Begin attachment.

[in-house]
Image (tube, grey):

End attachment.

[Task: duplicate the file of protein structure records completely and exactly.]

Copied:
[in-house]
Image (tube, grey):